Lemon and Garlic Cod, Truffled red pepper puree, pearl barley risotto and crispy pine nuts. Pimms Jelly, Avocado mousse and Vanilla and raspberry macaroons.

I’m sure it appears that my house is an endless stream of dinner parties at the moment. This is mostly because my parents have been storing up invitations to dinner until I came home, giving me an opportunity to practise my cooking before next year. This time it was the turn of some very good family friends of ours who I credit for helping further my career with advice and investment. They were the first people to listen to the ideas of a precocious 17 year old and trust me with catering 21st birthdays, engagement parties and even help me out with my brief hamper business. So no pressure with actually delivering something which lives up to their high opinion of me then… I was tasked with creating something not too heavy and of course given the dreariness of the British weather, something enticingly summery to counteract the rain. But then who in England isn’t extremely used to drinking Pimms outside whilst a faint mist of drizzle falls around them?

   

 

Lemon and Garlic Cod, truffled Red Pepper puree, pearly barley risotto and crispy pine nuts (serves 4)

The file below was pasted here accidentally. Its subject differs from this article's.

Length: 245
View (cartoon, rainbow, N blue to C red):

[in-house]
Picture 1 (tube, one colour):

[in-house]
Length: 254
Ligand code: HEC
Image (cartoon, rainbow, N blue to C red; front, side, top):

Cod

4 skinless, boneless cod fillets, 4 garlic cloves, 1 sliced lemon, fresh coriander, black pepper, groundnut oil

Pepper Puree 

3 red peppers, drizzle truffle oil, 1tsp dried oregano, 1tsp dried basil, 1tsp chilli powder, 1tsp paprika, 1tbsp lemon juice, 2tbsp white wine vinegar, 2tsp sea salt 

Pearl Barley Risotto 

2 onions, 4 garlic cloves, drizzle olive oil, lemon juice, 3tbsp sherry, 2tsp each dried rosemary, parsley, thyme, 1tsp turmeric, 1tsp chilli powder, Fresh Coriander, 280g pearl barley, 1 stock cube 

75g pine nuts

  1. For the cod, place fillets on a piece of foil. Scatter with chopped garlic, slices of lemon coriander and black pepper (nb NO SALT) and drizzle with groundnut oil. Fold up into a parcel and crimp the top like a cornish pasty.
  2. Roast the Peppers whole in the oven on the highest setting for 20mins, turning halfway, or until skin is blackened slightly and blistered. Leave to cool.